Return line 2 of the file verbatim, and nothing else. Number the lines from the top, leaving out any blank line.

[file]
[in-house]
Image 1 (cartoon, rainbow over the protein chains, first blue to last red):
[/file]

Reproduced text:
Image 1 (cartoon, rainbow over the protein chains, first blue to last red):